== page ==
History Optional Paper- 2 Solution – 1989: Q.5 (c)

History Optional Paper- 2 Solution – 1989: Q.5 (c)

Q.5 (c) “The Eastern Question has always been an international question.” Comment.


Eastern Question was diplomatic problem posed in the 19th and early 20th centuries, arised as a result of the rise of a national feeling of nationality among the Balkan peoples, decliningTurkish (Ottoman) Empire and the divergent interests of Great Powers.
The central problem of the Eastern Question was: What was to take the place of Turkish Empire in the event of her disintegration?

The Eastern Question has always been an international question  because the involvement of the interests of many international actors. Any internal change in the Turkish domains caused tension among the European powers, each of which feared that one of the others might take advantage of the political disarray to increase its own influence. This question arose periodically – e.g., during the Greek revolution of the 1820s, in the Crimean conflict (1853–56), the Balkan crisis of 1875–78, the Bosnian crisis of 1908, and the Balkan Wars of 1912–13.

The interest of the major powers in the Eastern Question:

(1) Russian’s interest in the Balkans

The ambitions of Russia at the expense of Turkey were a constant factor in the Eastern Question. Russia was bound to the peoples of Balkans by the ties of religion and race. Russia claimed the rights of protecting them from Turkish misrule. Russia also wanted to secure access to the Mediterrainian by seizing Constantinople from Turkey.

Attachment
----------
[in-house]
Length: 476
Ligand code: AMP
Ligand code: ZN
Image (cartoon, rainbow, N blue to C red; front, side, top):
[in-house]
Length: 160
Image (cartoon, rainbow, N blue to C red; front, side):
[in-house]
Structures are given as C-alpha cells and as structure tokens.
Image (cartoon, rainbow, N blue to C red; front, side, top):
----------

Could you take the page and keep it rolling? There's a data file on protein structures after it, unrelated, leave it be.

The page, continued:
Hence Russian policy was to dismember Turkey or atleast dominate her by unequal treaties.

(2) England’s interest

Suspicion about the Russian designs upon Turkey was the key-note of the British policy. They feared that the Russian control over Constantinople would greatly weaken British hold upon India. They watched every Russian movement witg suspicion.
Thus over the Eastern Question there developed chronic antagonism between Britain and Russia. British policy was to check Russian advance by preserving the integrity of the Turkish Empire.

(3) Austrian interest

Austria was Russia’s rival in the Balkans because:

(a) Being a land locked country with only a short coast line at the head of Adriatic, she badly needed outlet to the sea. It was important strategically as well as economically (for sea borne trade). She needed expansion towards port in the Balkans by stopping Russian influence.
(b) The great volume of her trade passed along the Dunabe valley, and so it was her interest to prevent Russian supremacy at the mouth of Dunabe which would have happened if Russia expanded towards Constantinople.
(c) She feared the growth of the pan-Slavic movement in the Balkans, which was encouraged by Russia, as it would sap the loyality of her Slav subjects and could theaten Austrian Empire. Hence she tried to cripple and confine the leading Slav state in the Balkan i.e. Serbia.

(4) French interest

She had commercial and religious interest in the East.She had befriended Turkey and obtained special trading privileges. She was also traditional protector of the Roman Catholic Christians in the East under Turkish Empire.

(5) German interest

The affair of the East did not appeal to her till the last quarter of the nineteenth century. Bismarck had kept himself aloof of the Eastern Question. But in 1878, at the Congress of Berlin to solve the Eastern Question, he posed as an “honest broker” and administered a check on Russia in order to befriend Austria. Germany befriended with Turkey, trained her army and secured permission to build the Baghdad-Berlin Railways.

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